(If I really wanted to, I could have asked my friends to teach me or just played online, but it was easier for me to get lost in fantasy books.)
I don't have the same nostalgia as other players when I'm playing Pokémon GO. Yet I still appreciate this game because I can finally participate in the gaming part of the franchise, even if Forbes called it "a terrible Pokémon game."
Given that I have no experience playing Pokémon games, I appreciate that catching Pokémon in this app simply requires me to flick a Pokéball at it and hope that it doesn't escape.
Part of the Fam
The best part of playing Pokémon GO is spotting other players who can be identified by the following:
Walking slowly while looking at their phone
Not really walking in a straight line
Raising their phone as if for a Snap, but holding it longer than 10 seconds
Suddenly turning, yelling and making swiping motions at their screen
Phone is connected to an external battery
It's also easy to spot some players because there are certain spots where people gather to collect items or battle at gyms. Some spots have temporary "lure modules" that attracts Pokémon. And wherever Pokémon go, so do Pokémon trainers:
Yes. All of them were playing Pokémon GO.
Once you find others who are playing, there's a sense of belonging to a community. This is because there are specific feelings associated with Pokémon GO. You feel, for instance, gratification with every Pokémon caught and every time you level up. You become invested in training Pokémon and hatching the eggs you collect. You ask what team other players are on and/or where to find a certain Pokémon in the area. And knowing there are others nearby who are experiencing the same thing as you makes the game even more fun.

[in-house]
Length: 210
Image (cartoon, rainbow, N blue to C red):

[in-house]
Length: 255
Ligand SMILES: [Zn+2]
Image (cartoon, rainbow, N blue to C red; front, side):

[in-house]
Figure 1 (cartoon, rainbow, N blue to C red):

In this sense, AR in Pokémon GO is an interesting way to build a fandom/community.
Just before I began writing, I was waiting for a friend to deliver my keys back to me because I accidentally left them in his car. I killed time by catching Pokémon around my neighborhood. I saw him drive by just a block from my home and when I flagged him down the first thing he said was, "I assume you're looking for Pokémon, too?"
He grinned and held up his phone, which was open to the app. While hunting and driving is definitely dangerous, it just goes to show how addicting this game can be.
I look forward to seeing how Pokémon GO fares in the immediate future, especially when dealing with demand once it's open to the rest of the world. I'll also look forward to seeing how this will highlight the benefits and risks of AR games and how it will affect AR investment as a whole. (I mean, if you can get rare Pokémon to come to your business, that's a whole new level of marketing strategy).
If you see anything new in relation to Pokémon GO and/or AR, please let me know. In the meantime, I'll be off to catch 'em all.
Blogger's Note 7.11.16:
a previous version of this post mentioned that certain spots have "incense" that attracts Pokémon, but this was misidentified. Certain spots actually have "lure modules," and they attract Pokémon to that one spot. "Incense" used by players will follow wherever they go, and will attract Pokémon to players while they are moving around.